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How to broaden your video's reach

Christian Arno
How to broaden your video's reach Christian Arno

In this global day and age, savvy marketers are directing their efforts overseas. It's now easier than ever to appeal to a multilingual market. It just takes a translation here and there, modification of your SEO, and bingo -- you're appearing on screens all over the world.


But maybe you've heard the stats that YouTube is the world's second largest search engine and you want in on a slice of the celluloid marketing action. What then? Luckily, making videos for a global audience isn't as difficult as you might think, and hopefully these handy hints will help you along.


Decide whether to dub or sub
Filming one video is difficult enough, and it's likely that your production department (i.e., you but with a camera and a microphone) doesn't have the resources to re-shoot in a multitude of different languages. So you've got two options -- you dub your target language over the top, or you add subtitles. Both have their merits and pitfalls. Dubbing is handy for countries where illiteracy is high and subtitles might not do the trick, but it's at the risk of looking like a bad Samurai film. You want your video to be remembered, but for all the right reasons!


If you're subtitling, here's where you can use Google Translate, or take advantage of YouTube's auto-translate tool, which will translate any captions you upload. But with machine translation, it's never perfect, so it's sometimes wise to get a professional translator to give it the once over when you're finished.


Set up separate channels for each country
Just as you wouldn't tweet in 40 different languages from the same account, don't do it with YouTube either. You want your audience to keep coming back, and if they have to wade through loads of videos that aren't even in their language, they're quickly going to disappear into the cyber-ether, never to return. Take telecommunications giant T-Mobile, for example. It has a different channel for the U.S., the U.K, The Netherlands, and even one for Macedonia.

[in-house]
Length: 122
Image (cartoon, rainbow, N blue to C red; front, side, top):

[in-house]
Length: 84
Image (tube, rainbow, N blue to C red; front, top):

Think before you film
Before you even start filming, you need to think of ways to make it easier for a global audience to access the final product. As we've already covered in the dub vs. sub debate, you're going to need to translate any speech, so minimizing the spoken word will help boost your efforts.


Also remember that internet speeds vary quite considerably across the globe. While your inner Francis Ford Coppola wants to shoot a 60 minute epic in full HD, some countries are still using dial-up, and they won't even get as far as the play button. If you simply must shoot in HD, then consider uploading a low-res version onto your appropriate channel.


Know the culture
Knowing about and navigating cultural differences in all the countries you want to target is imperative. For example, while a "thumbs up" signifies good things in the Western world, in Iran it's seen as a highly obscene gesture. Having a little knowledge can prevent embarrassing misunderstandings.


You also need to be aware of precisely where you're uploading your video. While YouTube is clearly the video powerhouse across much of the world, have you thought about places like China where it's famously banned? Whether through strict censorship laws, or just plain cultural preference, there are popular YouTube alternatives out there. In China, the top video sites are Youku and Tudou. By doing some quality research, you can ensure that your multilingual video actually gets to where it needs to go.


Embrace VSEO
Finally, you might have the best video in the world, but if nobody can find it, nobody's going to watch it. Remembering that people search in different ways and languages is essential, and will require a little bit of hardcore keyword research. Video SEO (or VSEO) is the same as your regular SEO, but going multilingual takes a little more effort. You'll need to know how a local from your target country might search for something, taking into account any local idioms, abbreviations, or colloquial terms. Drafting in a native speaker is easily done -- 10 minutes with them will yield much more than many hours of confused Googling. If you're brave enough to try it for yourself, Google's Keyword Finder tool is a good place to start.


With a little foresight and the right skills, creating a multilingual video isn't quite as difficult as you may think. Hopefully these tips will put you well on your way, but for now, that's a wrap!


Christian Arno is founder and director for Lingo24.


On Twitter? Follow iMedia Connection at @iMediaTweet.

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